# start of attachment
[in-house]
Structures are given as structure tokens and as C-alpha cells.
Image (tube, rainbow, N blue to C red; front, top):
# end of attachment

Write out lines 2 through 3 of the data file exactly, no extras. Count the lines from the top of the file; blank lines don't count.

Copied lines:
Structures are given as structure tokens and as C-alpha cells.
Image (tube, rainbow, N blue to C red; front, top):